The scientists from the University of Toronto (Canada) have come to a conclusion that physical violence experienced by women in childhood has a strong effect on the activity of their nervous system in future. In particular, the experts claim that it concerns such a mysterious functional somatic disorder, as chronic fatigue syndrome.
It is known to be manifested in the symptoms of increased fatigue and apathy and is a widespread problem among modern women. According to the researchers, the women who confessed cases of physical violence in the early years of their life, demonstrated a nearly two times greater risk of having such symptoms which is also associated with increased chemical sensitivity. In addition, these representatives of the fair sex are marked by an average of 65% higher chance of developing fibromyalgia. These findings were relevant, even after taking into account other negative factors.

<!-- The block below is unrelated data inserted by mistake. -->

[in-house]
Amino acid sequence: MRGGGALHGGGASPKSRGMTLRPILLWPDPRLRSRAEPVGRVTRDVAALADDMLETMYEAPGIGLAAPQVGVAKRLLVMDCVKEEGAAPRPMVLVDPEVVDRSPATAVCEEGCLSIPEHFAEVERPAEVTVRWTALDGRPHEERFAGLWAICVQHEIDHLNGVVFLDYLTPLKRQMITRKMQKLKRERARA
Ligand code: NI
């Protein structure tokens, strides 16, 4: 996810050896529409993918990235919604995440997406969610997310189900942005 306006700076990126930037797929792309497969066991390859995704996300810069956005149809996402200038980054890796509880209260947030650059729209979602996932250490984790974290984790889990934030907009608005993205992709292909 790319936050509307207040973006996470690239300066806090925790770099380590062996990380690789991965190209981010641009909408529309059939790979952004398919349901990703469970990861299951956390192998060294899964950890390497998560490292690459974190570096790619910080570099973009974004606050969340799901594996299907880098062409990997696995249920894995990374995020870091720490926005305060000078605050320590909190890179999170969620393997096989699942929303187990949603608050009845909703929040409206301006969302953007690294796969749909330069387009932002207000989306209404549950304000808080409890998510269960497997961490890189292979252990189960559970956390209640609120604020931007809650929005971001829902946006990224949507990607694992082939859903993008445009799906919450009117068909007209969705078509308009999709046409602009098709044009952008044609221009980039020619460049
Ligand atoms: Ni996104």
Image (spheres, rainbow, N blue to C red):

During the experiment, the team of doctors led by Professor Joan Schulman was observing a total of 7,342 women, of whom 10% were victims of physical violence in childhood. The main feature of chronic fatigue syndrome is that its symptoms retain even after a long period of rest. As a result, the women become extremely emotional, are prone to dramatic swings of mood and are unable to fully carry out their daily physical activities.
Source of the image: Photl.